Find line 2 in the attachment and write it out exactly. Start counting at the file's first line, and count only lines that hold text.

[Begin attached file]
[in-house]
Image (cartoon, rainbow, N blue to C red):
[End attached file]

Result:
Image (cartoon, rainbow, N blue to C red):